Suppose that much of what you have learned is not true. That you have been manipulated unknowingly all your life with ideas about religion, politics, economics, history, education, health, war and peace. Suppose you find out that lies have become truths.
How would you feel? Deceived? Upset? Angry? Disappointed? Sad? Or relieved, because deep in your heart you already knew, but never dared to speak out? But your silence is to the advantage of those who manipulate us and have been deceiving us for a long time.
The first edition of this book was published in October 2006 and quickly became a bestseller. ‘Surely this can’t be true? This is doom and gloom,’ many people said at the time. In 2021, it turns out that some of these predictions have come true, which is why this book is more in demand now than ever.
Will We Wake Up? is about the hidden forces behind the world stage that are striving for a New World Order. Are we living in a time of transition or in ‘the end of times’? Since 11 September 2001 (9/11), everything accelerated. What is going on? Why all of a sudden all these big brother techniques: cameras, satellites, drones, artificial intelligence, robots, various passports, DNA databases, scans, biometrics, the rapid roll-out of 5G? Will total control and manipulation of our minds eventually become possible through the implantation of a subcutaneous microchip in relation to the Internet of Things? Are our freedom and privacy fundamentally threatened?
Will We Wake Up? reveals shocking facts, but also shows that especially in these critical times, mankind can make an enormous leap in its evolution of consciousness through knowledge and understanding. But then we will have to wake up collectively as soon as possible…
Marcel Messing is an anthropologist, philosopher and author.
One phenomenon that Jung intrigued, fascinated and perhaps even haunted and later associated (partly) with archetypes was the occurrence of curious coincidences.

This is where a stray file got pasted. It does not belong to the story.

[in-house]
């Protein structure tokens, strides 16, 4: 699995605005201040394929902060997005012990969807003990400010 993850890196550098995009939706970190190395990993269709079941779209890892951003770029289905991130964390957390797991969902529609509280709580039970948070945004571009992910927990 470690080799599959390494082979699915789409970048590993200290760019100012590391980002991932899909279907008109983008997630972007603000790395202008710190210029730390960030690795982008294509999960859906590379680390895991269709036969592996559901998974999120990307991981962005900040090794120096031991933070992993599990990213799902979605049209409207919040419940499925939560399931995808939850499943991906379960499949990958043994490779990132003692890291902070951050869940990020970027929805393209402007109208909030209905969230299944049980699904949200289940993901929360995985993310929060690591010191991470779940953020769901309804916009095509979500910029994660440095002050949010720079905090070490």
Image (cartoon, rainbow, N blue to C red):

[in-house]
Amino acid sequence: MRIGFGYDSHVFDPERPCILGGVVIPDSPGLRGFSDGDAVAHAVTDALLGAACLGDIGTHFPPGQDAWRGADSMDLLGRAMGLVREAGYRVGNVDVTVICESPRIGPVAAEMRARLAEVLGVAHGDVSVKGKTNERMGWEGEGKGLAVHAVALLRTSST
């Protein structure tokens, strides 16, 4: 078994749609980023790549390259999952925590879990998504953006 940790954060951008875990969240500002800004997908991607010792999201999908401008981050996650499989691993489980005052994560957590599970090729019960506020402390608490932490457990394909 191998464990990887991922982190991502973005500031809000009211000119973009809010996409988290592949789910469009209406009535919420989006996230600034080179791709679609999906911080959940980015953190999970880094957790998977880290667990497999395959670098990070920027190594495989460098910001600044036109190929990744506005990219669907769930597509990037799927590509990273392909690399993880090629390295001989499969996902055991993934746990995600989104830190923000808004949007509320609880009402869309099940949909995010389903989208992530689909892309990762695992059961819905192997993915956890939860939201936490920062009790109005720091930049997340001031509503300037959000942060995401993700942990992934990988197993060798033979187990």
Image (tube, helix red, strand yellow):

For Jung, the seemingly unrelated events involving the table and the knife were connected in a meaningful way. As another example, Jung gives the treatment of a young woman who, at a critical moment, had a dream in which she was given a golden scarab. As she told Jung this dream, he sat with his back to the closed window. Suddenly he heard a soft tapping sound behind him. He turned and saw an insect tapping against the window outside. Jung opened the window and caught the insect as it flew in. It turned out to be a rose beetle (Cetonia aurata), which is very closely related to the scarab and which, contrary to its usual habits, had apparently felt an urge to enter a dark room at that particular moment.
We all know these kinds of curious coincidences. For example, you think of a friend you haven’t seen or spoken to in years. Actually, you never thought of him all these years, and now he’s suddenly in your head. Moments later, the phone rings and it’s your friend. Jung found it hard to believe that these kinds of “events” were just random occurrences. There had to be more going on. For example, when, as Jung points out, Emanuel Swedenborg had a “vision” of a fire in Stockholm, at the same time there was a real fire raging there, with no demonstrable or even conceivable connection between Swedenborg’s vision and the fire.
Emanuel Swedenborg (1688-1772) was a Swedish scientist, philosopher, theologian and mystic. He is the inspirer of ‘Swedenborgianism’.²⁴⁹ After a visit to England, Swedenborg arrived in Goteborg on Saturday 19 July 1759. He and fifteen others were guests of William Castel, a prominent merchant, in a house on Canal Street. About six o’clock Swedenborg left the party for a while and returned pale and very excited. Asked what was going on, he said a dangerous fire had just broken out in Stockholm and it was spreading quickly. He was restless and often went out into the garden. He said the house of a friend he mentioned was already in ashes and that his own house was about to catch fire. At eight o’clock, after being outside again, he exclaimed with relief, “Thank God! The fire is out, three doors from my house!” Some of the other guests, also residents of Stockholm, had become very concerned by now.
On Monday evening a messenger arrived from Stockholm, who had been sent by the Council of Commerce while the fire was still raging. The letters he brought with him described the course of the fire exactly as Swedenborg had outlined two days earlier. On Tuesday, a royal courier arrived at the governor’s mansion with the sad news of the fire, reporting the extensive damage and loss suffered. This second account of the fire, like the first, was in no way different from Swedenborg’s description of it at the time the fire was going.
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